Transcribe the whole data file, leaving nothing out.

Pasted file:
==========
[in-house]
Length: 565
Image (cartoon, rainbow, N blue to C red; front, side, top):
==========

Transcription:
[in-house]
Length: 565
Image (cartoon, rainbow, N blue to C red; front, side, top):